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Asian Collections at the Library of Congress: An Overview

South Asian Collection

Gujarātī [microform] = The Gujarati. Cover of January 2, 1881 issue. Library of Congress Asian Division.

The foundation of today’s South Asian Collection was laid in 1904 with the purchase the library of German Indologist Dr. Albrecht Weber (1825-1901). Given the size of the Weber collection alongside other previously acquired items, in 1938 the Library inaugurated the Indic Project to manage and service its collection of materials from and about India. A trip to South Asia just before the United States entered the Second World War resulted in massive additional acquisitions. Various post-WW2 acquisition projects, particularly after the establishment of the Library’s field offices in New Delhi (1962) and Karachi (1965), have significantly expanded the South Asian Collection by focusing on publications in modern vernacular languages.

By the end of 2019, the South Asian collection has grown to more than 300,000 bibliographic records for books and 6,900 bibliographic records for serials in approximately one hundred languages of Bangladesh, Bhutan, India, the Maldives, Nepal, Pakistan, and Sri Lanka. Another notable aspect is the large and ever-growing number of electronic resources and databases, some of which are accessible only onsite at the Library of Congress. Overall, this collection provides broad research coverage in most fields and disciplines, particularly in the areas of vernacular languages and literatures, modern history and politics, vernacular newspapers and periodicals, and government publications.

With regard to rare and special items, there are about 1,700 items in the South Asian rare book collection, including about 1,000 manuscripts in various languages. The vast majority of manuscripts are in Sanskrit, followed in number by Urdu. There are about 470 manuscripts in the “Indo-Aryan Ms.” Series, most of which are in Sanskrit from the nineteenth century. There are 74 manuscripts plus over 20 loose sheets in the Naqvi Collection, ranging from the eighteenth to twentieth century, primarily in Urdu and a single manuscript in Sanskrit. A curious item in this collection is a versified exchange between Shāzādi Nūrjahān̲ Begam and Navvāb Āṣaf al-Daulah. The few pages of this item include a few couplets of poetry in two different hands. There is no date but according to the reign of Āṣaf al-Daulah we can surmise it is from the mid- to late-eighteenth century.Additional Naqvi manuscripts in Persian and Arabic dating back to the eleventh century are accessible in the African and Middle Eastern Division. Three notable manuscripts in Urdu are illuminated manuscripts of Siḥr al-bayān, a mas̲navī of the Indian Urdu and Persian poet Mīr Ḥasan. This fantastical Urdu poetic epic is a story of forbidden love between a prince and princess, complete with fairies and other mythological creatures. The three versions in the Asian Division include chronographs from approximately the later eighteenth century, 1900, and 1912.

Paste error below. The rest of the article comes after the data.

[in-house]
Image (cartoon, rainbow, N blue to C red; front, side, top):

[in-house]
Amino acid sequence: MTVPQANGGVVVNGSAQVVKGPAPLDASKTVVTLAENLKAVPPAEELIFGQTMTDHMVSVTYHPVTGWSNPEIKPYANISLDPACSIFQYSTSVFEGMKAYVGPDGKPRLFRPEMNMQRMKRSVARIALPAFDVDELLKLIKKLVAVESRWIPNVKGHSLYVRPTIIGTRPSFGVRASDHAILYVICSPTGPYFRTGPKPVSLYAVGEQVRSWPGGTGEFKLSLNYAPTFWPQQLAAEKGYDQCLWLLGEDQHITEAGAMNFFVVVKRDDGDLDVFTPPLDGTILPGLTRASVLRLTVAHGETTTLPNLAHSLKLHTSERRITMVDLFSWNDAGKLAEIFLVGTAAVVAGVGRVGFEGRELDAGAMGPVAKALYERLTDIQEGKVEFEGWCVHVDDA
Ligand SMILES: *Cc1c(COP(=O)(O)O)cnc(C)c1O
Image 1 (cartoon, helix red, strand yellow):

Navvāb Muk̲h̲tār al-mulk Bahādur. Safarnāmah-i Landan. 19th century. Library of Congress Asian Division.

One of the top treasures is a birch bark scroll from ancient Gandhara (modern-day northern areas of Pakistan and Afghanistan), which may be as old as the 1st century BCE. The scroll is written in the Gandhari language and contains one of the Buddha’s teachings about buddhas of past, present, and future eons. In 2019, the scroll was digitized and made available online.

Among other notable items in the manuscript collection are two long scrolls of the life of Krishna in miniscule script, one of which is a nineteenth-century scroll measuring more than 50-feet long. Another manuscript on the same theme is from eighteenth-century Orissa and contains numerous illustrations by a stylus on palm leaves. The “Crosby fragments” are paper manuscript leaves from before 1100 CE in Buddhist Sanskrit from Khotan, an abandoned oasis in western China. The collection’s name derives from Oscar Terry Crosby, the American businessman who later became Assistant Secretary of the Treasury. Crosby purchased the fragments during a journey to Central Asia in the early twentieth century. This collection’s microfilm is also available on request in the Asian Reading Room. From the period of the British Raj, there is a collection of about 60,000 handwritten legal and commercial documents from various princely states in western and central India. Most of these documents are from the early twentieth century.

The Library also has the only known complete run of the first periodical in a South Asian language: the Tamil magazine Palavita ñānapotakam (Madras, 1831-1840). This was published by the American Mission Press. Other items in the rare book collection are Bibles in various languages from early missionary presses, textbooks on secular subjects, and a large number of tracts on religion and society during the nineteenth century.

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